Baraclude™ (Entecavir) For Treatment Of Chronic Hepatitis B approved by FDA
Mar 31, 2005, 21:26, Reviewed by: Dr.
|"In clinical trials, Baraclude demonstrated greater levels of viral suppression compared to lamivudine after 48 weeks of treatment. With today's FDA approval of Baraclude, physicians have an important new medication to treat chronic hepatitis B."
Bristol-Myers Squibb Company (NYSE: BMY) announced today that the U.S. Food and Drug Administration (FDA) approved Baraclude™ (entecavir).
Baraclude is indicated for the treatment of chronic hepatitis B infection in adults with evidence of active viral replication and either evidence of persistent elevations in serum aminotransferases (ALT or AST) or histologically active disease. Baraclude is an oral antiviral therapy specifically designed to block the replication of hepatitis B virus (HBV) in the body by interfering with the virus's ability to infect cells. The drug will be available in the United States as early as April 8, 2005.
"With the approval of Baraclude, Bristol-Myers Squibb will now be able to address another area of significant unmet medical need, building on our growing presence in fighting cancer, HIV/AIDS, schizophrenia and other diseases," said Peter R. Dolan, chairman and chief executive officer. "Baraclude represents the company's fourth new pharmaceutical approved in less than two and a half years, and has the potential to help many adult patients with chronic hepatitis B infection. Developed in our own laboratories, Baraclude is an important step forward for patients and our company, as we seek to realize our mission of extending and enhancing human life by focusing on discovering, developing and providing innovative treatments for serious diseases."
"In clinical trials, Baraclude demonstrated greater levels of viral suppression compared to lamivudine after 48 weeks of treatment," said Robert Gish, M.D., medical director of the California Pacific Medical Center's Liver Transplant Program. "With today's FDA approval of Baraclude, physicians have an important new medication to treat chronic hepatitis B."
Chronic hepatitis B infection is a potentially life-threatening disease. More than half a million people worldwide die each year from primary liver cancer, and up to 80 percent of primary liver cancers are caused by chronic hepatitis B. In the United States, more than one million people have developed chronic hepatitis B infection and more than 5,000 Americans die from hepatitis B and hepatitis B-related liver complications each year.
"Despite these alarming statistics, it is estimated that only a small percent of diagnosed chronic hepatitis B patients in the U.S. are currently receiving treatment for their disease," said Timothy Block, Ph.D., president, Hepatitis B Foundation and professor, Drexel Medical College. "The availability of Baraclude™ (entecavir) is an important development that provides a new option for therapy."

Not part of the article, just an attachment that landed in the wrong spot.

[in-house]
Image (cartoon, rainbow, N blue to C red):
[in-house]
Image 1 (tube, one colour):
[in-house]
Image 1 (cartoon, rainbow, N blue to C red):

Baraclude is a nucleoside analogue with a recommended dosage of a single 0.5-milligram tablet once-daily for chronic hepatitis B patients beginning treatment for the first time (nucleoside-naïve patients), and a single 1-milligram tablet once-daily for patients experiencing resistance to lamivudine (lamivudine-refractory patients).
The Baraclude clinical trial program was the largest-ever conducted in chronic hepatitis B, and the first to compare two antivirals, Baraclude versus lamivudine (the most commonly used oral antiviral therapy for the treatment of chronic hepatitis B worldwide). In these studies after 48 weeks, Baraclude demonstrated statistically significant improvements compared to lamivudine in liver histology, HBV viral load reductions to undetectable levels (defined as less than 300 copies/mL) and normalization of alanine aminotransferase (ALT) levels (less than or equal to 1 times the upper limit of normal), a measure used to determine the degree of liver damage.
In these studies, Baraclude demonstrated comparable safety to lamivudine with a favorable resistance profile. Lactic acidosis and severe hepatomegaly with steatosis, including fatal cases, have been reported with the use of nucleoside analogues alone or in combination with antiretrovirals. Severe acute exacerbations of hepatitis B have been reported in patients who have discontinued anti-hepatitis B therapy, including Baraclude and lamivudine. The most common side effects of Baraclude in clinical studies were headache, tiredness, dizziness, and nausea. Cross resistance has been observed among HBV nucleoside analogues. Lamivudine-resistant patients may not respond as well as nucleoside-naïve patients to Baraclude therapy.